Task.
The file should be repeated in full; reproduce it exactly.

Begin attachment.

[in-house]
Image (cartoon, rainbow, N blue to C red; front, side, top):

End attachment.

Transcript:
[in-house]
Image (cartoon, rainbow, N blue to C red; front, side, top):